Ever wondered what your brain looks like when it's on Shakespeare? Check out this cool article about how reading Big Willy Shakes impacts brain activity.
The Folger Shakespeare Library is online and it's got tons of resources for students, teachers, and Shakespeare lovers.
OMG! These people love Shakespeare almost as much as we do!
Everything you ever wanted to know about famous phrases coined by the Bard:
This is one of the best Shakespeare sites on the Internet. It's got boatloads of links to the best online resources for students and scholars.
The coolest and most visually stunning version we've ever seen, this National Theater production really plays up the fantastical, fairy tale elements of All's Well That Ends Well. In 2009, the performance was broadcast on live television and was also screened in UK movie theaters. We're not sure of NT's plans to release a DVD, but you can check out the trailer and look at pictures here.
This BBC production (1981) feels a little dated to most high school and college students, but it's a solid adaptation and the critics love it. Plus, Bertram totally rocks an ‘80s-style mullet. You can probably find this flick at your local library and/or watch it on YouTube. (Go to "Video" for some links to popular clips.)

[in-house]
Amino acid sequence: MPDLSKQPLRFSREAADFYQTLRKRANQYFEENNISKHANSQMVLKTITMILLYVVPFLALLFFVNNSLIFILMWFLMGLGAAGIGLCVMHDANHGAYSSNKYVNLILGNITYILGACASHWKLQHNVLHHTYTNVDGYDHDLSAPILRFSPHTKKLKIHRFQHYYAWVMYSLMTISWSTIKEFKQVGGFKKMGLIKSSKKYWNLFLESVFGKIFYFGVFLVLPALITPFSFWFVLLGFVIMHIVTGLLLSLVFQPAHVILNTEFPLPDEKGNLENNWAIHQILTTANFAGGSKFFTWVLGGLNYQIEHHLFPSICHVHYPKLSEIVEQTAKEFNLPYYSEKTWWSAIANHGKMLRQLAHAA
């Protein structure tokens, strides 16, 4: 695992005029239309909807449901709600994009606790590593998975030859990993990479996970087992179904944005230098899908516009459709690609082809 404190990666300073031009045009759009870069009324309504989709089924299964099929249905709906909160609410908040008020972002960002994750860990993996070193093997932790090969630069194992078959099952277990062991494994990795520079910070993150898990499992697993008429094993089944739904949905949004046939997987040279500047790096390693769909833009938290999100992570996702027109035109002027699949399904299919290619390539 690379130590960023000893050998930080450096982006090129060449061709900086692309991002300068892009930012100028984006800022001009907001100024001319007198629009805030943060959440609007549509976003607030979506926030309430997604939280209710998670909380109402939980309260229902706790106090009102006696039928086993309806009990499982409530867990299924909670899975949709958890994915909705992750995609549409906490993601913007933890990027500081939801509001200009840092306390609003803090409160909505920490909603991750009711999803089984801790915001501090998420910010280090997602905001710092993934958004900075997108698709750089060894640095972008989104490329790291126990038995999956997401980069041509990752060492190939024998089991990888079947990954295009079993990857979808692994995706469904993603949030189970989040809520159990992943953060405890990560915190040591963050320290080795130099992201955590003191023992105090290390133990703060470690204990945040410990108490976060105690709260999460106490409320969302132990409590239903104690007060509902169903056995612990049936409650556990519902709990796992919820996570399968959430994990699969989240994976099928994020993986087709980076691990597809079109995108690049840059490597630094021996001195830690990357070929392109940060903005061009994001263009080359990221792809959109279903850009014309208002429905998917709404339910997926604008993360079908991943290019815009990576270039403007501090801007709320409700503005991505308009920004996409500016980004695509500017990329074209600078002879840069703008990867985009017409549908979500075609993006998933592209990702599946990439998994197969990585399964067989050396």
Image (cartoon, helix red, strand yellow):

This 2007 flick has little to nothing to do with the play it's named after, but it does feature a bum named Billy Shakes who gives a burnout actor some advice about how to revive his career. As a bonus, it features a cameo by Penny Marshall, a.k.a. Laverne from the old TV show "Laverne and Shirley." (Ask your parents.)
Shakespeare's main literary source for this play. Check it out at GoogleBooks:
Shakespeare probably read an English translation of Boccaccio's story in The Palace of Pleasure, by a guy named William Painter. Read it on GoogleBooks. Or just stick to Shakespeare.
This production plays up the magical, fairy tale qualities of the play.
Check out the seduction scene from the 1981 BBC adaptation. (Is it just us, or does Bertram need to work on his moves?)
Oh, the drama! Watch it all unfold here, compliments of YouTube.
Got four minutes? Check out the RSC's hilarious and condensed performance of ALL the Shakespeare comedies, including All's Well That Ends Well, of course.
The play is read aloud by actors and it's totally free!
Check it out. This is one of the best All's Well That Ends Well sets we've ever seen.
Here's a look at the title page of the play from the first folio edition (1623). So old.
The poster for the National Theater's 2009 production of the play. How would you have designed it?